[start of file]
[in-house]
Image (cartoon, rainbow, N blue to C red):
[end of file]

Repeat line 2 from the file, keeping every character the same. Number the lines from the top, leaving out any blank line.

Image (cartoon, rainbow, N blue to C red):